India’s land is divided into four areas says the World Book Encyclopedia, “14% of the land is irrigated, 41% is non irrigated farmland, 19% is forest land and 26% is barren land.” (1999, vol.10, pg.124) The chief crops grown are rice, wheat, cotton, and nuts. Agriculture provides one half of India’s national income. India does not grow enough food to give its people a proper diet. This is partially due to inefficient farming methods and poor equipment.
The World Book Encyclopedia says, “India’s foreign trade is over two billion dollars a year. The volume of the imports is much greater than that of the exports.” (1983, vol. 10, pg.106) India has one of the largest economies in the World in terms of its GDP. India is considered as a developing country, however, because it has such a large population that the GDP is very low per capita. It is considered one of the poorest countries in the World.
In review there are several solutions that could help India deal with its population crisis and declining standard of living. They are,
1. Improved education, so people can move beyond a “peasant existence” with no understanding of self worth and life management.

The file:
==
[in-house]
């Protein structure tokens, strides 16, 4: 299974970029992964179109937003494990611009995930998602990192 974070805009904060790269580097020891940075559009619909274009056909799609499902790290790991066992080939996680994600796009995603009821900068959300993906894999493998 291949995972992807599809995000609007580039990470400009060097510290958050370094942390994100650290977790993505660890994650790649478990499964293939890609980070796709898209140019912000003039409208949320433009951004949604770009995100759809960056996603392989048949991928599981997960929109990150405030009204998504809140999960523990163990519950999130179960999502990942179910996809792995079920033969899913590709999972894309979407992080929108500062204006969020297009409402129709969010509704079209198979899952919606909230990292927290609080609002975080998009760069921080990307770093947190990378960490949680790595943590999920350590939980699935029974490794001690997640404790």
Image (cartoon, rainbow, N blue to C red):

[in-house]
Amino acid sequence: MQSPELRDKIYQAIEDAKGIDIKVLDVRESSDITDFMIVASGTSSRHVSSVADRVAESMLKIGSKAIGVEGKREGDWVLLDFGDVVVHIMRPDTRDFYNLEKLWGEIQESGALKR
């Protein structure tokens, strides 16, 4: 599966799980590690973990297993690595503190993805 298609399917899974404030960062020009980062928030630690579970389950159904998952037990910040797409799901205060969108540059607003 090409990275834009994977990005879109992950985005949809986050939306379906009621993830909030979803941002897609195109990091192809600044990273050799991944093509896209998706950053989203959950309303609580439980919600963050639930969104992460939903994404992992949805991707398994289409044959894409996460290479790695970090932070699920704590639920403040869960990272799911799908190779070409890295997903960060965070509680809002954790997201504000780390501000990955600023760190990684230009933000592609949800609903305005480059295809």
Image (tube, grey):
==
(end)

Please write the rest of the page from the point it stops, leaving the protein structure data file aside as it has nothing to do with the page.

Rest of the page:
2. Structure government control over birth control. (Similar to China’s)
3. Improved understanding of agriculture techniques, technology, and land management.
4. Education of nutrition and sanitation.
5. Any aide from foreign countries must be directed at making India self supporting.
India is a Country of great wealth and potential. It is also a country of intense poverty and ignorance. I see one of the biggest problems in India being the differences. There are many different languages, religions, races, and customs. There are also many differences in the country itself. The land includes desert, thick jungles, broad plains, mountains, and tropical low lands. All these differences within one country create different needs, and different standards of living. It is however; very evident none of these differences can be addressed until the population is controlled. It is and will become even more of a problem for all the people of India, the poorest of the poor and the richest of the rich.